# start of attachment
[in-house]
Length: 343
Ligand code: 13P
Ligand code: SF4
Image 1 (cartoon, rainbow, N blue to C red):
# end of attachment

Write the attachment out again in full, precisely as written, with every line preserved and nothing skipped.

[in-house]
Length: 343
Ligand code: 13P
Ligand code: SF4
Image 1 (cartoon, rainbow, N blue to C red):